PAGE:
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28
October
2020
A Journey To Space Exploration Missions: GTTP 2020 is over

The period 2020-2030, if everything goes as expected, will become the golden decade of space exploration.

By now, we have overcome the first generation of space telescopes, which steadily have been replaced with more powerful tools of observation, as technology evolves.
In terms of human exploration of space, NASA and ESA have recently signed a Memorandum of Undestanding (MoU) to bring european astronauts to the Moon as part of the Artemis program and finally agreed to build a smaller version of the ISS orbiting our satellite, which will be called “Gateway” and will be a key instrument to future human-powered missions to Mars. All this is allegedly going to happen before 2030.

If we take a look for what is about to come, it is exciting to see that the future imagined by sci-fi authors like Isaac Asimov or Stanislaw Lem, is now —apparently—  a bit closer.

Poster of the course   Credit: ESA/CESAR


“A journey to space exploration missions“ is the last teachers’ training course we successfully organized along with NUCLIO, as well as the educative projects with robotic telescopes PETeR and Faulkes Telescope Project, the National Schools' Observatory and the initiatives Global Hands-on Universe and ESIA as part of the Galileo Teacher Training Program.

In this course, that took place during the third week of October 2020 we counted with the presence of first row astronomy scientists and educators like Günter Hasinger, ESA’s director of science, Markus Kissler-Patig, Head od ESA's Science and Operations Department, Alejandro Cardesín from Mars Express and ExoMars, Jorge Fauste from the mission SMOS, Anik de Groof from Solar Orbiter, Beatriz Jilete from the Space Debris Office or the head of ESA’s mission operations division Rune Floberghagen among others.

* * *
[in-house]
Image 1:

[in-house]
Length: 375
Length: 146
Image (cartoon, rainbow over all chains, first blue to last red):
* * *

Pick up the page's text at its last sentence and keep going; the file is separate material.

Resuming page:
Each of the five days of the course was devoted to one specific topic: Earth, Mars, the Sun, the Cosmic Vision and Science in Society, in order.

Some of the assistants to the GTTP 2020  CREDIT: ESA/CESAR


This course was also the first  CESAR team has organized that was held fully online using the video conference software Webex and the virtual campus Graasp.
Space talks like “gravity, magnetism and space physics” “Space safety” or “ESA Earth Explorers” were alternated with space-related hands-on activities designed to implement with students in classroom, such as “Eclipses and Transits with SalsaJ” by NUCLIOs Rosa Doran
“Craters in the classroom & DNA activity” by IAC researcher Sandra Benitez or “Differential Sun rotation and coronal mass ejection” by our scientific contents coordinator Beatriz González.
Although the schedule of the course was a bit picky, overlapping with school times and making live assistance virtually impossible to some teachers, an average of 70 participants from all over the world connected each day.
 

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